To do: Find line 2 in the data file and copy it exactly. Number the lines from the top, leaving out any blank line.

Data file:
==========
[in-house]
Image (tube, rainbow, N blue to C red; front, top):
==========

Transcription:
Image (tube, rainbow, N blue to C red; front, top):